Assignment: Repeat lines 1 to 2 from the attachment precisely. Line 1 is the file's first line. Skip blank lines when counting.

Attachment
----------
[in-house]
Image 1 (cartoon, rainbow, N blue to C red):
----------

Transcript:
[in-house]
Image 1 (cartoon, rainbow, N blue to C red):